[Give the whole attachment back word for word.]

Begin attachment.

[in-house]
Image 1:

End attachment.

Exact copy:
[in-house]
Image 1: